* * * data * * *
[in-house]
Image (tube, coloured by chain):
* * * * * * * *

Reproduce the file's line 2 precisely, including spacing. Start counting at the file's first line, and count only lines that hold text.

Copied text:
Image (tube, coloured by chain):